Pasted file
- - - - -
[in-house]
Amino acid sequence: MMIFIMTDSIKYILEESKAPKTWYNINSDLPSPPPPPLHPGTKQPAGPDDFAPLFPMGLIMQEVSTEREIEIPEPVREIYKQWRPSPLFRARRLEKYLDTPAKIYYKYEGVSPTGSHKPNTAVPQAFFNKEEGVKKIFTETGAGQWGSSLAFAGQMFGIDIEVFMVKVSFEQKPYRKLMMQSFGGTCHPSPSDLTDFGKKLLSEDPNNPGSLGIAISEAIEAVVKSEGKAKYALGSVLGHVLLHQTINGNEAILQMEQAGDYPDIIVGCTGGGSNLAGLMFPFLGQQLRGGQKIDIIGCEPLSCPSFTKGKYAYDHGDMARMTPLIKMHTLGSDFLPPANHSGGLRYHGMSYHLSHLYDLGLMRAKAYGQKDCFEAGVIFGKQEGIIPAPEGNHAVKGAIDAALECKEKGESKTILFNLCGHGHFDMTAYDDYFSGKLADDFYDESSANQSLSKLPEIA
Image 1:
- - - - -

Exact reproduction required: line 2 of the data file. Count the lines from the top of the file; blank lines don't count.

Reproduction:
Amino acid sequence: MMIFIMTDSIKYILEESKAPKTWYNINSDLPSPPPPPLHPGTKQPAGPDDFAPLFPMGLIMQEVSTEREIEIPEPVREIYKQWRPSPLFRARRLEKYLDTPAKIYYKYEGVSPTGSHKPNTAVPQAFFNKEEGVKKIFTETGAGQWGSSLAFAGQMFGIDIEVFMVKVSFEQKPYRKLMMQSFGGTCHPSPSDLTDFGKKLLSEDPNNPGSLGIAISEAIEAVVKSEGKAKYALGSVLGHVLLHQTINGNEAILQMEQAGDYPDIIVGCTGGGSNLAGLMFPFLGQQLRGGQKIDIIGCEPLSCPSFTKGKYAYDHGDMARMTPLIKMHTLGSDFLPPANHSGGLRYHGMSYHLSHLYDLGLMRAKAYGQKDCFEAGVIFGKQEGIIPAPEGNHAVKGAIDAALECKEKGESKTILFNLCGHGHFDMTAYDDYFSGKLADDFYDESSANQSLSKLPEIA